hello@one hundred and sixty-threecom
qq:six hundred and sixty-six thousand six hundred and sixty-six
qq:
six hundred and sixty-six thousand six hundred and sixty-six

Example 3: \ num

Demand: match HH

match_ obj =re.match("<[a-zA-Z1-6]+>.*</[a-zA-Z1-6]+>", "<html>hh</div>")

ifmatch_ obj:
    print(match_obj.group())
else:
    print("Matching failed")

match_ obj =re.match("<([a-zA-Z1-6]+)>.*</\\1>", "<html>hh</html>")

ifmatch_ obj:
    print(match_obj.group())
else:
    print("Matching failed")

Operation results:

<html>hh</div>
<html>hh</html>

Requirements: match < HTML > < H1 > www.baidu.com</h1></html>

match_ obj =re.match("<([a-zA-Z1-6]+)><([a-zA-Z1-6]+)>.*</\\2></\\1>", "<html><h1>www.baidu.com</h1></html>")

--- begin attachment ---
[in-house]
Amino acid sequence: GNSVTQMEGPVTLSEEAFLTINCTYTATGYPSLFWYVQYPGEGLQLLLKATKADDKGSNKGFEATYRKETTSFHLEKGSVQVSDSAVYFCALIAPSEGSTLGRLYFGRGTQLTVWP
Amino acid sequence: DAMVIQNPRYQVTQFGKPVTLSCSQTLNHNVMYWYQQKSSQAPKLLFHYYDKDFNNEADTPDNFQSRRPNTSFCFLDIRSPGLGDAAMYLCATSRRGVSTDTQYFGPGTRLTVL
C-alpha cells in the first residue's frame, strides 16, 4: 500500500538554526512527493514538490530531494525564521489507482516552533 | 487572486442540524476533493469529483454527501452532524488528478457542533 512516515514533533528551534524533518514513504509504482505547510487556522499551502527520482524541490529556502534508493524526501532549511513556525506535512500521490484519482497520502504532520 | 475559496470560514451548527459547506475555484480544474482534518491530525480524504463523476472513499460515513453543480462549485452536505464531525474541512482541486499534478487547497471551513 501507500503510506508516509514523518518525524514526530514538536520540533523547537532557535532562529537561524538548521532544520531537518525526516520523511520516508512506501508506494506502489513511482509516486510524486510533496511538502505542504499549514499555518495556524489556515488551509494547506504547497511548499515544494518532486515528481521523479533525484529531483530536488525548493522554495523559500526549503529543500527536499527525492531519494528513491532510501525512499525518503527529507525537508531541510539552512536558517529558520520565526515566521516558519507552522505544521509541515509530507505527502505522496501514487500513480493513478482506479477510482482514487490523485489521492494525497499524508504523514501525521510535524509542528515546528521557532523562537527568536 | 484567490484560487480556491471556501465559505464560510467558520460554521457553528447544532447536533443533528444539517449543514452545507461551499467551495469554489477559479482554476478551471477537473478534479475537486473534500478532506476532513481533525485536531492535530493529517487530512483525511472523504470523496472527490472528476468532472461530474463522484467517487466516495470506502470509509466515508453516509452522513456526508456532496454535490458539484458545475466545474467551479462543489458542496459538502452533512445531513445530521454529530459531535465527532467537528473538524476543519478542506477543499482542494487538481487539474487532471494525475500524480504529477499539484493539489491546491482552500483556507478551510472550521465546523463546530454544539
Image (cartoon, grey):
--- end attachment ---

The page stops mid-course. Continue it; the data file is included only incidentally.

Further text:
ifmatch_ obj:
    print(match_obj.group())
else:
    print("Matching failed")

Operation results:

<html>\<h1>www.baidu.com\</h1>\</html>

Example 4: (? P) (? P = name)

# <html><h1>www.itcast.cn</h1></html>

match_ obj =re.match("<(?P<name1>[a-zA-Z1-6]+)><(?P<name2>[a-zA-Z1-6]+)>.*</(?P=name2)></(?P=name1)>", "<html><h1>www.baidu.com</h1></html>")
ifmatch_ obj:

result =match_ obj.group()
    print(result)
else:
    print("Matching failed")

Operation results:

<html><h1>www.baidu.com</h1></html>

7. Introduction to common methods in Python

Three functions are used to find matches, match (), search (), findall (), one function sub () is used to replace, and one function split () is used to segment strings.